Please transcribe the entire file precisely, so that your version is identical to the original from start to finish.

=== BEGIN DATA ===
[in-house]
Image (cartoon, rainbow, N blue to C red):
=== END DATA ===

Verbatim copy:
[in-house]
Image (cartoon, rainbow, N blue to C red):